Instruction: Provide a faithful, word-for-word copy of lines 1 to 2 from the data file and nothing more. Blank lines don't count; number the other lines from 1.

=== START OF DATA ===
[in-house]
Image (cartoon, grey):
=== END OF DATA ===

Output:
[in-house]
Image (cartoon, grey):